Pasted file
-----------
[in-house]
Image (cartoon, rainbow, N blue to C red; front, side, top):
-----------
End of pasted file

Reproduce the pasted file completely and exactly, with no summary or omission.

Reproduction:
[in-house]
Image (cartoon, rainbow, N blue to C red; front, side, top):